Here, the answer is lots. Retailers control the food chain. If retailers say "we insist that our suppliers demonstrate that their foods are grown sustainably," guess what: they will be. So how about Wal-Mart sets up some standards for the production of foods it sells? That ought to have an immediate impact.

The GOP's Still Partying Like It's 2006

Jack Abramoff's name returns to the headlines
as John McCain is questioned on secret emails
suggesting that "Straight Talk" may be all-talk.

Karl Rove re-emerges on the frontpages
in a story of political manipulation & abuse,
as Newsweek's guy makes news rather than observes it.

Harriet Miers steps back into the spotlight
as Congress was forced to hold in contempt
Bush's one-time pick for the Supreme Court.

You'd think they'd learn, but basically...
the GOP's still partying like it's 2006.

McCain already promises four more years
of Bush's war & Bush's economy...
do we get Bush's cronies & corruption as well?

Raise a glass to scandals gone by,
and another to the ones that keep coming back,
as you share your views & a little booze
at your local progressive social club.

Find - or start - a chapter near you.

A Conversation with Chris Metzler, Director of "Plagues and Pleasures on the Salton Sea"

Screening Liberally Big Picture
By Josh Bolotsky

We recently had the opportunity to have a conversation with Chris Metzler, director of Screening Liberally NYC's February selection, the critically acclaimed Plagues and Pleasures on the Salton Sea. We talked about Sonny Bono, John Waters and where his film fits (or doesn't fit) into the recent spate of eco-documentaries.

How did you come to this project?

Like a lot of things in life, it was purely coincidence. I grew up in the Midwest - I didn't even know that the Salton Sea existed when I moved out to Los Angeles for school - and one day, decided to take an exploratory road trip, camping with a friend and maybe checking out other parts of the dessert - you take a few wrong turns here and there, and you wind up upon this huge body of water, the Salton Sea, and just kind of quickly fall in love with it, just based on water being out in the desert in such huge amounts, but secondly, the kind of apocalyptic landscape, which was my own fascination. That's got things started. Congressman Sonny Bono had been interested in restoring the Salton Sea, seeing it as both an environmental wetland, and also a place for resorts and boating and fishing…as a result of this discussion about making Sonny’s dream come true, we wanted to explore how those attempts at restoring the Salton Sea were going to go.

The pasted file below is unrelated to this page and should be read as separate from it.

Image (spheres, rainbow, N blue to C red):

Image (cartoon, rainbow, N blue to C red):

It seems like the residents of the Salon area have become used to extravagant promises laid at their feet every couple years, whether it be through Sonny Bono, or the [longstanding] hope it will become a large retirement community - in making the film, was that something you had to consciously overcome in gaining their trust, that you weren’t going to be someone coming in with promises as happens every few years.

That was one of the difficult things that Jeff [Springer, co-director] and I anticipated from the beginning – we knew that the Salton Sea had this long history of nothing ever being done, and that most of the film and news coverage of the Salton Sea had been very negative. Given how just complicated a place this was, [we figured] it deserved some unbiased, entertaining journalism. Once we started meeting people in the community, there was something that drew them to us - we didn't have to overcome any inherent skepticism… and most embraced us from the get-go. Maybe it’s just because so much of the other coverage of the Salton Sea often dealt with politicians and scientists and they really just appreciated that we were going straight ot the people who had lived in, thrived and struggled in the community for so many years.

One unique aspect of the film is that you're talking about an potential ecological crisis which, unlike a lot of the eco-documentaries that came out in the last several years, is not directly related to climate change..Have you had difficulty explaining to people this is a separate issue?